Pompeo pushes back on Lavrov claim Trump didn't raise Russia's election interference
The visit cast doubt on Trump's support for Ukraine against Russian aggression.
Secretary of State Mike Pompeo on Wednesday pushed back on claims by Russian Foreign Minister Sergei Lavrov that President Donald Trump did not warn Russia against interfering in U.S. politics and elections, widening a spat over what was said in Lavrov's second White House meeting with Trump.
The Trump and Pompeo meetings with Lavrov on Tuesday have also come under fire for what critics say is the message they send to Ukraine, one day after the first talks between its new president, Volodymyr Zelenskiy, and Russia's president, Vladimir Putin.
While U.S. support for Ukraine has come into question amid the impeachment proceedings, and Zelenskiy still waiting for a White House visit as a sign of U.S. support, Russia's top diplomat was given a private meeting with the president -- and Trump tweeted a photo of them posing together with broad smiles behind the historic Resolute desk in the Oval Office.
Trump has consistently called for improving U.S.-Russian relations despite a long list of disagreements between the two countries, from Libya to Syria, Venezuela to North Korea, arms control to diplomatic exchanges. But Russian interference in U.S. politics, including its cyber hack of the Democratic Party and selective leak of emails intended to hurt Hillary Clinton's presidential campaign, has brought relations between the two nuclear powers to a low point.
The White House said Tuesday that Trump warned Lavrov against Russian interference, hours after Pompeo publicly said during a joint press conference with Lavrov that he had done the same.
"On the question of interference in our domestic affairs, I was clear: It's unacceptable and I made our expectations of Russia clear," Pompeo said. "Should Russia or any foreign actor take steps to undermine our democratic processes, we will take action in response."
But during his own news conference at the Russian embassy shortly after meeting Trump, Lavrov first said he and Trump never "even actually discussed elections." Pressed by reporters, Lavrov -- who has a history of obfuscating -- contradicted himself, saying he raised the issue of elections by again denying any Russian responsibility and asking Trump to publish correspondence between the Kremlin and the Obama White House on the issue from late 2016.
Russian officials have said they denied it at the time and offered to investigate the U.S. allegations of interference, appearing to believe that will exonerate them now, but Trump's White House has so far refused to agree to publishing those.
The White House has not responded to questions about the differing accounts, but when asked Wednesday, Pompeo said that Lavrov's comments were "not accurately a reflection of my recollection of that meeting."
"President Trump made clear in the meeting that he had with Foreign Minister Lavrov and the rest of the Russian team that was there that President Trump personally and America finds their meddling in our elections unacceptable," he added.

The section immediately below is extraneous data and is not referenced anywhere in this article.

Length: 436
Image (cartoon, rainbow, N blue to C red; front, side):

Trump has often downplayed or even outright denied Russia's responsibility for the election interference.
In June, during a meeting with Putin at the G-20 summit, Trump joked that "of course" he would tell Putin not to meddle in the 2020 presidential contest. With Putin laughing, Trump mock scolded him: "Don't meddle in the election," he said with a grin.
The White House also said that Trump urged the Russian delegation "to resolve the conflict with Ukraine" -- but it's Russian aggression that has fueled that conflict, now in its sixth year and killing over 13,000 people, according to the UN Office of the High Commissioner for Human Rights, including over 3,300 civilians.
Putin and Zelenskiy had their first meeting on Monday, along with France and Germany -- a peace process called the Normandy format that has been frozen for years. The U.S. is not part of that process, but has supported the implementation of a peace agreement that it reached between Ukraine and Russia, but that has never been fully implemented.
There was no major breakthrough, but progress seemed to be made, with promises of more prisoner exchanges and further talks.
But in a striking symbolic move, it was the Russian foreign minister flying to Washington afterward to brief the Trump administration about those talks, not the Ukrainian. Lavrov was given another Oval Office meeting -- the kind that Zelenskiy has sought as a show of U.S. support since his election in May. While Trump initially agreed to a meeting in Washington, Zelenskiy has still not had a White House meeting, although he and Trump met on the sidelines of the UN General Assembly in New York in September.
"The optics couldn't be any worse," Andrew Weiss, vice president of Carnegie Endowment for International Peace told The New York Times, adding the Russians had managed to send "a message to the Ukrainians that they're basically on their own now and need to cut the best deal they can since the U.S. backstop is largely inoperative."
It seems the administration has not yet been briefed on those meetings by the Ukrainians, although the State Department has not responded to requests for comment.
It's unclear why Lavrov was invited to Washington now. National Security Adviser Robert O'Brien told CBS News the White House visit was about "reciprocity" after Pompeo was received by Putin in May in Sochi, Russia.
Pompeo said Tuesday he was tasked by Trump to try to improve relations and Lavrov's visit was about continuing that: "We should have a better relationship – the United States and Russia – than we’ve had in the last few years, and we’ve been working on that since that moment."